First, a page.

This post is part of a blog tour organised by Random Things Blog Tours. I received a free copy of the book in return for an honest review.
‘When Teddy Colne arrives in the small town of Rye, he believes he will be able to settle down and leave his past behind him. Little does he know that fear blisters through the streets like a fever.
‘The locals tell him to stay away from an establishment known only as Berry & Vincent, that those who rub too closely to its proprietor risk a bad end.
‘Despite their warnings, Teddy is desperate to understand why Rye has come to fear this one man, and to see what really hides behind the doors of his shop.
‘Ada moved to Rye with her young son to escape a damaged childhood and years of never fitting in, but she’s lonely, and ostracised by the community. Ada is ripe for affection and friendship, and everyone knows it.
‘As old secrets bleed out into this town, so too will a mystery about a family who vanished fifty years earlier, and a community living on a knife-edge.
‘Teddy looks for answers, thinking he is safe, but some truths are better left undisturbed, and his past will find him here, just as it always has. And before long, it will find Ada too.’
In So Pretty, by Ronnie Turner, we meet young mother Ada (along with her four-year-old son Albie) and Teddy, a man in his early 30s. Both have moved to the small Cornish town of Rye for a fresh start, and with the hope of recovering from their respective traumatic upbringings.
However, Ada finds Rye unwelcoming and suspicious of incomers, especially ones who try too hard. Teddy, meanwhile, gets a job at antique and curio shop Berry & Vincent, a shop the locals avoid on account of its sinister past and creepy owner, Mr Vincent.
Ada and Teddy are drawn together, but what initially looks to be the beginnings of a beautiful friendship or even romance mutates into something much darker as, under the roof of Berry & Vincent, Teddy’s true colours emerge.
So Pretty is unusual and highly effective. For the first 40% or so of the book, the focus on the backstories of Ada, Teddy, and Berry & Vincent lulled me into a false sense of security where lines of “good” and “bad” between the two protagonists and the shopkeeper were firmly established.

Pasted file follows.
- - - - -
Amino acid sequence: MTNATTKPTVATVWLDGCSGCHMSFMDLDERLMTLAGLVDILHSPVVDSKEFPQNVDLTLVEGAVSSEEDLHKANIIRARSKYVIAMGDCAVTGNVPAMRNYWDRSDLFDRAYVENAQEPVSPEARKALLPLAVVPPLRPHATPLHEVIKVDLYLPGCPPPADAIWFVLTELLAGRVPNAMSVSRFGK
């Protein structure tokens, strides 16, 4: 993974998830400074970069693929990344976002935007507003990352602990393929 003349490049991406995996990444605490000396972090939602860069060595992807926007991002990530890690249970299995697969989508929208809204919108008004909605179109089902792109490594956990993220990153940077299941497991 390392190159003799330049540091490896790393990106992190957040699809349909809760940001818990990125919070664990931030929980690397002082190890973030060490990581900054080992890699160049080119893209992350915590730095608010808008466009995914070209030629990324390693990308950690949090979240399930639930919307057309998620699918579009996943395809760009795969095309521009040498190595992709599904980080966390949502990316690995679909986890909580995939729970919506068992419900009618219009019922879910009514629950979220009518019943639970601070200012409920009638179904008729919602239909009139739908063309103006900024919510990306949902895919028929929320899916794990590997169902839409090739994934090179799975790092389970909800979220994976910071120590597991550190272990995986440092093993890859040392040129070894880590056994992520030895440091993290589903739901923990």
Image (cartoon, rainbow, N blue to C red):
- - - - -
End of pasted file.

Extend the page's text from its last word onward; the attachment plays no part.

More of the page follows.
Then, Teddy starts showing worrying signs of presumptuousness and possessiveness towards Ada and Albie, and the story shifts into a different and unexpected gear, revealing that he is more like his twisted late father than previously suggested. At the same time, the relationship between Teddy and Mr Vincent alters, with the employee taking the lead over his previously dominant, albeit silent, manager.
Things quickly get really unnerving and tense, and I was put through the emotional wringer hoping for a happy ending!
The author has a spare, stark writing style that does a brilliant job of conveying the bleak, cold atmosphere of Rye and, for a while, makes you wonder where the story is heading. Her no holds barred descriptions of the macabre merchandise on display in Berry & Vincent, and Mr Vincent’s past behaviour, made me feel both compelled and unnerved.
So Pretty not only makes you think about different reactions to trauma and loneliness, but also how giving a child the idea that they might turn out a certain way can make for a self-fulfilling prophecy. Ada aspires to be a better mother to Albie than her own mother was to her, while Teddy protests too much that he isn’t like his father, having been closely surveilled for shared traits by his late mother. Ada is desperate for company but doesn’t push it, while Teddy is forceful.
After finishing the book, I was left with a lingering sense of mystery, as I wondered what it was exactly that made the story take such a drastic turn. Was it something that was always bound to happen anyway, given what we learn about Teddy’s past relationships? Does Teddy derive unaccustomed power from what he finds out about Mr Vincent’s past? Or does the shop itself have a malevolent influence all of its own, as the locals seem to suggest?
So Pretty is tense, atmospheric, and unsettling.